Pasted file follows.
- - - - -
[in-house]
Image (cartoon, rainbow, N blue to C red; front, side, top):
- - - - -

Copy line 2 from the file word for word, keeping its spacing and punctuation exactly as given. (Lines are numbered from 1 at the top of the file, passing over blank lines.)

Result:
Image (cartoon, rainbow, N blue to C red; front, side, top):